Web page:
Ask any small business owner what they spend the majority of their time on, and you will likely hear something along the lines of:

“I spend it putting out fires.”

“I spend it answering employee questions and helping them do their jobs.”

“I spend it helping my team with problems and challenges.”

You are probably pretty accustomed to having direct reports come to you for help with problems and challenges. It takes up the bulk of your day and is often spent on fixing issues that don’t have a direct impact on the growth of your company. And I bet you often give them the answers -- "Sure, Tina. Here's what you should do….." 

While it may seem easier (and quicker) to just help your team members get over any hurdles that they face along the way, you are better off letting them answer their own questions and fix their own problems. 

So the next time Tina comes to you and asks what she should do, flip the question on her. Ask, "What do you think we should do?"  

A Better Way

Allowing your team members to fix their own problems, takes a little bit of faith and a whole lot of professional coaching. Everyone on your team has different strengths and weaknesses, and it is important to remember that when using this method. If a team member is mature and experienced in their role I might say, "I trust that you can handle this yourself." I'll ask her how she thinks she should handle it and then encourage her to try doing that.

If a team member is less experienced, I might try a slightly different approach. "Well Jim, I've got some specific thoughts for you that I'll share in a moment. But before I do, tell me what you think you should do here? If I wasn't around, how would you handle this?"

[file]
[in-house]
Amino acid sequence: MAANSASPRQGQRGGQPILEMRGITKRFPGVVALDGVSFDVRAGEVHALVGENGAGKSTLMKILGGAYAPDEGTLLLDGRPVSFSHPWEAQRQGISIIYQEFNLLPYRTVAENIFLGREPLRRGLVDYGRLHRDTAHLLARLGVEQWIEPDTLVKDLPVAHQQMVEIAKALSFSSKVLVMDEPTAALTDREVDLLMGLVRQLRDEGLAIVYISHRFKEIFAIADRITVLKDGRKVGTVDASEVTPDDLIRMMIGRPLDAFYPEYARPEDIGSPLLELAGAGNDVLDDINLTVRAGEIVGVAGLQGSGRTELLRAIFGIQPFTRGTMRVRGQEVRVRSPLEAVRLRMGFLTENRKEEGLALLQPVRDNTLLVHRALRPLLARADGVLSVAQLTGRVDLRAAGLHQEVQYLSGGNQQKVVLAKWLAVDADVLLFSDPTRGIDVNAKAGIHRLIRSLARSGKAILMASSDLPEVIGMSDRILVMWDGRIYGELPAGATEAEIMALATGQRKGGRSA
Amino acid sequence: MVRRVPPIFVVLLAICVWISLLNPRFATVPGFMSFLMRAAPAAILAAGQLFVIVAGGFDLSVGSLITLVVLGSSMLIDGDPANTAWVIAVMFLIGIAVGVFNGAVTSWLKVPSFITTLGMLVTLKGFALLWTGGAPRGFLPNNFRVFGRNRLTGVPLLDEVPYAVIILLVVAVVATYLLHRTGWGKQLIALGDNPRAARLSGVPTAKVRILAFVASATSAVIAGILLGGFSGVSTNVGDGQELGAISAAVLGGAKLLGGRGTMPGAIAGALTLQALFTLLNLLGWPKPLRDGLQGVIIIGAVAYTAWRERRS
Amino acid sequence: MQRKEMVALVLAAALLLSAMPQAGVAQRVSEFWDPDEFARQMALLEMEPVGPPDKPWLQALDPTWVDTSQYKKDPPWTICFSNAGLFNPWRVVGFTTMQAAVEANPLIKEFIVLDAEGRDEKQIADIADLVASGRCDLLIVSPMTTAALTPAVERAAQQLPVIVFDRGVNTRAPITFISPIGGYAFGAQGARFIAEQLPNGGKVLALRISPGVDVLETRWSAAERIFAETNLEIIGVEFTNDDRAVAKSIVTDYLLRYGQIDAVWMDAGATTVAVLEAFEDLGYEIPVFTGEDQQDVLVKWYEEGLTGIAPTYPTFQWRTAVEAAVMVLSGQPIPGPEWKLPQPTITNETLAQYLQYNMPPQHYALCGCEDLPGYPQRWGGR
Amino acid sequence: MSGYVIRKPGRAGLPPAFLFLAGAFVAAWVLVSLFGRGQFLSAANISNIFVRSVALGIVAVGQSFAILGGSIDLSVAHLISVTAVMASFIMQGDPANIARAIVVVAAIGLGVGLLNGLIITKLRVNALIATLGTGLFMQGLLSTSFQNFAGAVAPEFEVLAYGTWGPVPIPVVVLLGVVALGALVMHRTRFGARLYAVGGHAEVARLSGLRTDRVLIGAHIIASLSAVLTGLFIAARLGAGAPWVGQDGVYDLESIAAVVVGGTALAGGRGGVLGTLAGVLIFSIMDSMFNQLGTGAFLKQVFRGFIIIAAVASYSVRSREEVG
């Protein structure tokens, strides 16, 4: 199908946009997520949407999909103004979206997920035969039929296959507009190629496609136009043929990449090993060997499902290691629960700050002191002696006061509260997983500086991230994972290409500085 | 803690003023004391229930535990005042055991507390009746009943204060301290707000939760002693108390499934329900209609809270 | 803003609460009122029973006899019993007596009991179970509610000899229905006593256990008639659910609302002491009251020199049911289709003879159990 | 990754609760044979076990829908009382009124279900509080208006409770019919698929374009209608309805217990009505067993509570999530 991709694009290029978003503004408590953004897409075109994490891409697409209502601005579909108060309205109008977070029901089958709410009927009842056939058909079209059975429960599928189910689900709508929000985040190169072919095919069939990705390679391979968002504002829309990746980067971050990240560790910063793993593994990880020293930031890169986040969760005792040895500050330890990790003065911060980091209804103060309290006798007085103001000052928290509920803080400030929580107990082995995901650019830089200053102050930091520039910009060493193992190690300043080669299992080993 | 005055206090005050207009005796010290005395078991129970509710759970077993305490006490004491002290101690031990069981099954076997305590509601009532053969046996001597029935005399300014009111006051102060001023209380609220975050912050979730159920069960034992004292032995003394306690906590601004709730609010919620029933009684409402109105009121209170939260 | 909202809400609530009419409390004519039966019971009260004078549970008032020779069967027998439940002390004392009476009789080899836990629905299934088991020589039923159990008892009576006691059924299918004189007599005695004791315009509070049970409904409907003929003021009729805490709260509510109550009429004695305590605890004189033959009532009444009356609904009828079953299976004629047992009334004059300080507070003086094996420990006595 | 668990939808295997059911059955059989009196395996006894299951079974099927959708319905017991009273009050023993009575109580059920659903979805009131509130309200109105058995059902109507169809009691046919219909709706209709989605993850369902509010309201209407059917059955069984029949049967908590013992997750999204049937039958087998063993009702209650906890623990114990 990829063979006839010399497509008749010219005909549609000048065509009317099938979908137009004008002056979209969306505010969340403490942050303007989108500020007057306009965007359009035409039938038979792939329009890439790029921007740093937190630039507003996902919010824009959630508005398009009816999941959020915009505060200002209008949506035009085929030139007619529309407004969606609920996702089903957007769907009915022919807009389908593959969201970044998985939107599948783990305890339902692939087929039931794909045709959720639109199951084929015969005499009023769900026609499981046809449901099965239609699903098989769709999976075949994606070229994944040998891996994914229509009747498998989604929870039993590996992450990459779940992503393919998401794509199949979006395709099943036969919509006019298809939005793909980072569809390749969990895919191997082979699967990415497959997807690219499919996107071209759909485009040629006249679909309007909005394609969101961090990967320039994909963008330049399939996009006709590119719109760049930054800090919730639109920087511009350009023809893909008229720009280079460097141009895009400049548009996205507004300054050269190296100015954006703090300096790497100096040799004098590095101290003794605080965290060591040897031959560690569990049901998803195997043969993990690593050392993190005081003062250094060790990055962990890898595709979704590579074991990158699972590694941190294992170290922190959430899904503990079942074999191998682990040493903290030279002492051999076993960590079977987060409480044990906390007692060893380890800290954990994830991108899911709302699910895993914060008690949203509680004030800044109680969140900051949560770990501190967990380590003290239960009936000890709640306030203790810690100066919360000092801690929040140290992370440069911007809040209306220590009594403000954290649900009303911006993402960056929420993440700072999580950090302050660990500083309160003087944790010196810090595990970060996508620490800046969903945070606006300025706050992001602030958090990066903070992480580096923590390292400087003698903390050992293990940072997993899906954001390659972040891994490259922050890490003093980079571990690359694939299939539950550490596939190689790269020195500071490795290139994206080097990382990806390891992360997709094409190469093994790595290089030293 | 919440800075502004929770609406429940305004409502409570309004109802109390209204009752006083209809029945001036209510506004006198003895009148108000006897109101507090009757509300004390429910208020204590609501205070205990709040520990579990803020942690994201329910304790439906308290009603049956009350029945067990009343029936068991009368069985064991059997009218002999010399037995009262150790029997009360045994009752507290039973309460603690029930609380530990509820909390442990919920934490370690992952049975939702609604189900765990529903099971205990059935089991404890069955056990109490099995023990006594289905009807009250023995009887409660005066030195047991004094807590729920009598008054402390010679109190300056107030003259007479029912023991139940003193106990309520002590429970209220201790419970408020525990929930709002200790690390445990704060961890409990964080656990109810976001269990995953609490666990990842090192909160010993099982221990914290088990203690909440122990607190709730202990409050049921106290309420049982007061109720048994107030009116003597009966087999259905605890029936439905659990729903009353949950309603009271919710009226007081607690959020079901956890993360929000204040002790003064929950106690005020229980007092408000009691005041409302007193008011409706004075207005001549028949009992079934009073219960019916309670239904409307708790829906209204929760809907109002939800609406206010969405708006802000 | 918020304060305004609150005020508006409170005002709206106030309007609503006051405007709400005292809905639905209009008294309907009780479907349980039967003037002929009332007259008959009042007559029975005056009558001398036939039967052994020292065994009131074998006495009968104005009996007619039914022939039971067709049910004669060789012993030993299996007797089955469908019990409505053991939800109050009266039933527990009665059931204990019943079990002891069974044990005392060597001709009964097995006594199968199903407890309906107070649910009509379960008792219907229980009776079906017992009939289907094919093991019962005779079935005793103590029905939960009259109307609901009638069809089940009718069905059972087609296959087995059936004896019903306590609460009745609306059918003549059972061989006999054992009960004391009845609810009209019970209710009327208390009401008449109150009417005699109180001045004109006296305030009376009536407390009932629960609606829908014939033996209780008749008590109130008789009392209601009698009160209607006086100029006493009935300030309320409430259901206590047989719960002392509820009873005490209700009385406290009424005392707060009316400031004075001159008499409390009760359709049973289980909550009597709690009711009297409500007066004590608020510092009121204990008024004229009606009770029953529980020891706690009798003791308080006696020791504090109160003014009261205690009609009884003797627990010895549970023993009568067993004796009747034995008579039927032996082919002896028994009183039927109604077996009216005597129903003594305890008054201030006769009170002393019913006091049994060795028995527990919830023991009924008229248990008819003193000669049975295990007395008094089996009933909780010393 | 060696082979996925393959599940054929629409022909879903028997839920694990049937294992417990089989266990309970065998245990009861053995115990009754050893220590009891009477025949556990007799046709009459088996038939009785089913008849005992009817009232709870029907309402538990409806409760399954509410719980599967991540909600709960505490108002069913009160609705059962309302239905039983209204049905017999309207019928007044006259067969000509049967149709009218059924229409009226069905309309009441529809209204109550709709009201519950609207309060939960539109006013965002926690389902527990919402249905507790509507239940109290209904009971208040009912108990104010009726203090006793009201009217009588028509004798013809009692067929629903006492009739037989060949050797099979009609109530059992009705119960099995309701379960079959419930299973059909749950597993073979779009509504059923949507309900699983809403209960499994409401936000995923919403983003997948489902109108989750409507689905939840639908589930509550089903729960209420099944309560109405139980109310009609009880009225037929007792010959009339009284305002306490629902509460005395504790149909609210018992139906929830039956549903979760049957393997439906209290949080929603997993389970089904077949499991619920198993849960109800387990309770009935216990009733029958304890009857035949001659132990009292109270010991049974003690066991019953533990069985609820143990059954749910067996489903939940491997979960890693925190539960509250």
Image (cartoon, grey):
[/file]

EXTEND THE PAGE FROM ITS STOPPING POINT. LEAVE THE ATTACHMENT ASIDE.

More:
Of course, if he has a great answer, then you can say something like, "Wonderful, go ahead and make that happen. I can't wait to hear how you do with that." And if he comes up with a crazy, outlandish idea, ask him why he thinks that's the best approach. Consider questions like, "If you weren't able to do that, then what would you do? Why would you do that instead? Have you taken these other ideas into consideration?" 

Approaching the question this way not only helps you come to the best solution possible, but allows the team member to grow and develop within their role in the company. Over time they will begin to feel more confident in their decision making skills, and take on more within the business. And rely on you less to help them do their day-to-day tasks. 

Once you get into the habit of having your team members answer their own questions, you will find that they will begin to take ownership of the process and come to you for the things that they truly need your input on. Thus, allowing you to create a scalable business that is owner-independent.